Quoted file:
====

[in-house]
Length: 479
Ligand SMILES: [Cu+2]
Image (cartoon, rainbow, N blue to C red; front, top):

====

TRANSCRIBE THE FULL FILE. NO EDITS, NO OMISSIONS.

[in-house]
Length: 479
Ligand SMILES: [Cu+2]
Image (cartoon, rainbow, N blue to C red; front, top):